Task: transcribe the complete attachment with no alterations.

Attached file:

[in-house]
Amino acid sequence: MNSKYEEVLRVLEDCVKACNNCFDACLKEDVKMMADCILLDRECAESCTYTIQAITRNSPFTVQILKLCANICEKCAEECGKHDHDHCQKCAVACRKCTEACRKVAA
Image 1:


[in-house]
Amino acid sequence: MNSKYEEVLRVLEDCVKACNNCFDACLKEDVKMMADCILLDRECAESCTYTIQAITRNSPFTVQILKLCANICEKCAEECGKHDHDHCQKCAVACRKCTEACRKVAA
Image 1: